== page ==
What is an expansion card?

An expansion board is an electronic circuit board that adds more functionality to a desktop computer. These cards install in a computer’s motherboard expansion slot and allow the computer to perform additional functions not provided by the motherboard. Video cards and sound cards are common examples: a new video card added will increase a computer’s three-dimensional graphics processing power, while a new sound card can improve the computer’s audio input.

An expansion sound card can improve your computer’s audio input.

There are alternate terms used for this type of board, and it is also known as an expansion board, add-on board, interface adapter, or internal board. Generally, between one and seven expansion cards can be installed in the desktop computer system. Laptops do not use standard cards due to their small form factor, although they can accept a removable PCMCIA card that offers additional functions.

Expansion cards such as graphics cards can add functionality when connected to the motherboard.

The Altair 8800, developed in the mid-1970s, was the first microcomputer to add an expansion board bus. In 1981, IBM® released its first PC with an XT bus, which was later replaced by a 16-bit ISA. The introduction of the PCI bus in 1991 resulted in modern forms of interface adapters that provided additional benefits beyond improved graphics and sound.

Most boards are inserted into PCI or “Peripheral Component Interconnect” slots, which are integrated circuits installed on the motherboard. One edge of the card that contains the contacts or keys is inserted into the slot. This establishes electrical contact between the motherboard and the board’s integrated circuits.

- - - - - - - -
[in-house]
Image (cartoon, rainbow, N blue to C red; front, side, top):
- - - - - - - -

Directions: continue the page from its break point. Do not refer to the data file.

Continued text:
See also  What is FTTP or Fiber-To-The-Premises?

Standard interface adapters, such as video cards and sound cards, provide many additional functions. Some video cards offer video capture, MPEG 2 and MPEG 4 decoding, a light pen, and the ability to connect to multiple monitors, for example. Sound cards can add functions for composing music, editing audio presentations and other multimedia applications.

There are some “low profile” boards that fit into a lower height computer frame. Some are used exclusively for external connectivity, such as modem cards, storage area network (SAN), and network cards, commonly referred to as I/O cards or input/output cards. A USB card is mostly used by users who need additional USB or Firewire ports.

A PC expansion card can only be inserted into computers with available expansion slots. Computers such as the Apple Macintosh® and other all-in-one systems do not accept these cards.

Older computers require expansion cards to be connected using a USB instead of the motherboard.

Leave a Comment